Physicist: Physicists are among the laziest and most attractive people in the world, and as such don’t like to spend too much time doing real work. In an effort to streamline equations “natural units” are used. The idea behind natural units is to minimize the number of physical constants that you need to keep track of.
For example, Newton’s law of universal gravitation says that the gravitational force between two objects with masses m1 and m2, that are separated by a distance r, is , where G is the “gravitational constant“. G can be expressed as a lot of different numbers depending on the units used. For example, in terms of meters, kilograms, and seconds: .
In terms of miles, pounds, and years: .
In terms of furlongs, femptograms, and fortnights: .
Point is, by changing the units you change the value of G (this has no impact on the physics, just the units of measurement). So, why not choose units so that G=1, and then ignore it? The Planck units are set up so that G (the gravitational constant), c (the speed of light), (the reduced Planck constant), and kB (Boltzmann constant) are all equal to 1. So for example, “E=mc2” becomes “E=m” (again, this doesn’t change things any more than, say, switching between miles and kilometers does).
The “Planck length” is the unit of length in Planck units, and it’s meters. Which is small. I don’t even have a remotely useful way of describing how small that is. Think of anything at all: that’s way, way, way bigger. A hydrogen atom is about 10 trillion trillion Planck lengths across (which, in the pantheon of worldly facts, ranks among the most useless).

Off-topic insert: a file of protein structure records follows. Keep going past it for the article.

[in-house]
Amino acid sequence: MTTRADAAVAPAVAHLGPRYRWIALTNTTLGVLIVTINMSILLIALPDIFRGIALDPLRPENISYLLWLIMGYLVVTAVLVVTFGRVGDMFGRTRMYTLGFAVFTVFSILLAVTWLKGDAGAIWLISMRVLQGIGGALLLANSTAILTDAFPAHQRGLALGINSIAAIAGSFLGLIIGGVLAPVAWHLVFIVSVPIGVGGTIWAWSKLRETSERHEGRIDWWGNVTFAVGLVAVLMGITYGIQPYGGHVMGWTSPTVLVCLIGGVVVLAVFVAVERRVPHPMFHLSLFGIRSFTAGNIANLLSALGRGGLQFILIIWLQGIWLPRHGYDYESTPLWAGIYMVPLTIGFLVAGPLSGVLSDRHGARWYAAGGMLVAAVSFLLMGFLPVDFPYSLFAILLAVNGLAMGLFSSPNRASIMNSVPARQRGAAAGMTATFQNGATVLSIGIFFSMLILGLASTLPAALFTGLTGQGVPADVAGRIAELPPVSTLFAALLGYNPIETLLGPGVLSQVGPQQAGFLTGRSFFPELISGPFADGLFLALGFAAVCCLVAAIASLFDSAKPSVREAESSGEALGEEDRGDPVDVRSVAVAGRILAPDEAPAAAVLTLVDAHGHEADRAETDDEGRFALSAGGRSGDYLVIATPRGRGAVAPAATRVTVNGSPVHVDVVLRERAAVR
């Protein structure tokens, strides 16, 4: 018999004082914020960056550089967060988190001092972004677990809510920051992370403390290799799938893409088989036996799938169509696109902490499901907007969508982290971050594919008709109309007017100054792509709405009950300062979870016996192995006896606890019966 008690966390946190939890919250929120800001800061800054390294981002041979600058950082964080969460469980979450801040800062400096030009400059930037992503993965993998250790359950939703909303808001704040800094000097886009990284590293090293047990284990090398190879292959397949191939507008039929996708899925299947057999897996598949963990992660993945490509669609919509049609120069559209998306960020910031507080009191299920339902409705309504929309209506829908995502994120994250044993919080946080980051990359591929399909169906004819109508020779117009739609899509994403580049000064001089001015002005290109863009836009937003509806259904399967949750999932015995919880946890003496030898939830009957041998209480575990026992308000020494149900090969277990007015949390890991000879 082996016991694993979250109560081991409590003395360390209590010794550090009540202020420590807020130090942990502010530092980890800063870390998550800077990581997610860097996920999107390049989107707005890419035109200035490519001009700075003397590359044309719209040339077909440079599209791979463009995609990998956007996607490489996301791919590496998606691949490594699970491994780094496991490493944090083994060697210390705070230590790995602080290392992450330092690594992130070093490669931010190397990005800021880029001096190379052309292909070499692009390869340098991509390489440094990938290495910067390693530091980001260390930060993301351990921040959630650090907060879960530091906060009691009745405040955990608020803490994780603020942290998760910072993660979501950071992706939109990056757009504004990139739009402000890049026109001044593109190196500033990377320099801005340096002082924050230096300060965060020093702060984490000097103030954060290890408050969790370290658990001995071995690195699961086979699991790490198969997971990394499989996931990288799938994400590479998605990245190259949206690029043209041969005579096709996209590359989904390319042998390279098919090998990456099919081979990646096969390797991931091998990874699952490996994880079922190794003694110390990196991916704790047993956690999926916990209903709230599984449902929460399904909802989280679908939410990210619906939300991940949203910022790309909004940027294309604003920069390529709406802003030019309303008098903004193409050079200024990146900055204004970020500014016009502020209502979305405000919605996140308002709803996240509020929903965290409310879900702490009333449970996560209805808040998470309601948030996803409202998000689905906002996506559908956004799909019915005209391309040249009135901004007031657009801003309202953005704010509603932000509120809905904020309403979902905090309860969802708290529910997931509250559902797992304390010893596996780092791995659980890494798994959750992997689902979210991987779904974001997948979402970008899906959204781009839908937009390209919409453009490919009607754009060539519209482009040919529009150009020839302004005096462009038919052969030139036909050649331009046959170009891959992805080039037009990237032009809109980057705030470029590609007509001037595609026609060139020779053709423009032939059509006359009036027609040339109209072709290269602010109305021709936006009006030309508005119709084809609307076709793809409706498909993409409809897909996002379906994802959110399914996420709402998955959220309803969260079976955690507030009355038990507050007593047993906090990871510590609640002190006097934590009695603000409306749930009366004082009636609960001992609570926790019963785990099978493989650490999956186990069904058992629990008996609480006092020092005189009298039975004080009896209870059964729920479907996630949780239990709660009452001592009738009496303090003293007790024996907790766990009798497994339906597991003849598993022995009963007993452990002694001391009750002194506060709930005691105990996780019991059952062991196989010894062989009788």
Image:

Physicists primarily use the Planck length to talk about things that are ridiculously tiny. Specifically; too tiny to matter. By the time you get to (anywhere near) the Planck length it stops making much sense to talk about the difference between two points in any reasonable situation. Basically, because of the uncertainty principle, there’s no useful (physically relevant) difference between the positions of things separated by small enough distances, and the Planck length certainly qualifies. Nothing fundamentally changes at the Planck scale, and there’s nothing special about the physics there, it’s just that there’s no point trying to deal with things that small. Part of why nobody bothers is that the smallest particle, the electron, is about 1020 times larger (that’s the difference between a single hair and a large galaxy). Rather than being a specific scale, The Planck scale is just an easy to remember line-in-the-sand (the words “Planck length” are easier to remember than a number).
That all said (and what was said is: don’t worry about the Planck constant because it’s not important), there are some places on the bleeding edge of physics where the Planck length (or distances of approximately that size) do show up. In particular, it shows up in the “Generalized Uncertainty Principle” (GUP) where it’s inserted basically as a patch to make physics work in some fairly obscure situations (quantum gravity and whatnot). The GUP implies that at a small enough scale it is literally impossible, in all situations, to make a smaller-scale measurement. In the right light this makes it look like maybe spacetime is discrete and comes in “smallest units”, and maybe the universe is like the image on a computer screen (made up of pixels).
How bleeding edge is the GUP? So bleeding edge that there isn’t even a wikipedia article about it. Like a lot of things in string theory (this is an opinion), these sort of patches may prove to be mistakes. So, spacetime may come in discrete chunks, but the most we can say is that those chunks (if they exist) are very, very, very, very small.
You’d never notice (at least, the experiments designed to notice haven’t so far).